More people are getting dental implants than ever before. This is because people around the country have discovered that they do not have to live with the stigma of tooth loss. Tooth loss can be extremely traumatic for some people, especially when the tooth loss happens at a young age. Dealing with the embarrassment is compounded by the fact that tooth loss forces people to make lifestyle changes, including how they eat and speak. With dental implants, you do not have to deal with those kinds of changes.
There are numerous technologies and methods for dealing with tooth loss. However, none are as advanced as dental implants. While dentures and bridges address the fundamental problem, which is a missing tooth, they do nothing to brace the tooth or to address the root of the problem. This means that these solutions have to be adhered to the surface of the mouth somehow, typically with wires or dental cement. On the other hand, dental implants focus their attention on the root. In fact, a dental implant is a tiny titanium screw that is placed into the jawbone, taking the place of a natural tooth's root. This provides a strong and stable platform under the gum line, which then allows us to place a dental crown, or tooth, on top of the abutment.
Getting dental implants is a lot simpler than it used to be a few years ago. Simultaneously, science continues to dispel some of the popular myths that surround dental implants. For the longest time people have been looking at dental implants, and elsewhere around the country, as a purely aesthetic endeavor. This is an understandable misconception. When you get a dental implant, you are going to be getting a perfect tooth that is almost an identical replica of your original one. There are no wires holding it in place, so all you have is a new tooth. In fact, we can give you a tooth, or teeth, that look far better than your original ones. Naturally this perfection has led to the idea that all we care about is the aesthetics. Nothing could be further from the truth, and science is starting to show this. We know, for example, that when you use a dental implant to replace a lost tooth, the implants acts like a naturally occurring root. It creates a symbiotic relationship with the jawbone, which in turn allows the jawbone to receive stimulation from the prosthetic. This helps the jaw to avoid resorption and also keeps the facial structure from a potential collapse.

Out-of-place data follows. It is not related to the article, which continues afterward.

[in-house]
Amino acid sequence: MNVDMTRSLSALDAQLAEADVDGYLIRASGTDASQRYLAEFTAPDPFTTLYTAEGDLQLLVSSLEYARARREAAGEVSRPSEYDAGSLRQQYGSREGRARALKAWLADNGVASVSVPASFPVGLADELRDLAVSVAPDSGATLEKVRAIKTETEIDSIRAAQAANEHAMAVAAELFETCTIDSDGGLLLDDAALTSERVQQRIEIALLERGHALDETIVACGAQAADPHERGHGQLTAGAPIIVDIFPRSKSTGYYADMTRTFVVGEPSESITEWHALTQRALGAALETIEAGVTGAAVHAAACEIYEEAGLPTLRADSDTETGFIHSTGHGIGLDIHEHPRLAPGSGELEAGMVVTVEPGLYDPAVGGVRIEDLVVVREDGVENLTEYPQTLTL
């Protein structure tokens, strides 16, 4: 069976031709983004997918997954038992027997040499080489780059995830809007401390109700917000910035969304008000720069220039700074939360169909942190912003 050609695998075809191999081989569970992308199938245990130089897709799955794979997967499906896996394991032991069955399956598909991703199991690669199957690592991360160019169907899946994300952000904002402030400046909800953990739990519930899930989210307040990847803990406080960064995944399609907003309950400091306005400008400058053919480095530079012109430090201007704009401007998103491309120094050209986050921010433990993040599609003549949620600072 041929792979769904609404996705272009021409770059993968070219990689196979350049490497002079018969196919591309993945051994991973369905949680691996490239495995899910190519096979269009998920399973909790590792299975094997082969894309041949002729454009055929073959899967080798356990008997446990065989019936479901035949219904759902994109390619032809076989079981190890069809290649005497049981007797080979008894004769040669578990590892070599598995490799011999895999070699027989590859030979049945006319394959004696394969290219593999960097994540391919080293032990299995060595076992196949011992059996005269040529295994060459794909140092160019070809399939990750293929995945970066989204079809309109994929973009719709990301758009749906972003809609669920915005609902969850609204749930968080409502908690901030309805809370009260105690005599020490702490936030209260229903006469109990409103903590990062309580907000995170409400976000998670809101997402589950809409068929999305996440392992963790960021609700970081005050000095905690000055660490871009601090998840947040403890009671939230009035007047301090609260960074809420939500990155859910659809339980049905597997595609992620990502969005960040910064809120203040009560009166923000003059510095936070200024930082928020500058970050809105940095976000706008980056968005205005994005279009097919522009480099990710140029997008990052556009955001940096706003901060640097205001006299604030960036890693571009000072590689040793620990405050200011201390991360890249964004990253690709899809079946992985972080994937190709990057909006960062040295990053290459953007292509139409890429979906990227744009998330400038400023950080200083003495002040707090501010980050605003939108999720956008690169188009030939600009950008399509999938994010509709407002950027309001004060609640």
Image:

There are already 3 million people across the nation that have gotten dental implants. What we know is that the rate of dental implants is increasing annually, but that there are a lot of people still using antiquated technology. In our dentist office, we encourage every one of the 15 million Americans that are using bridges or dentures to consider switching to get the best looking, most effective, longest lasting tooth replacement available today.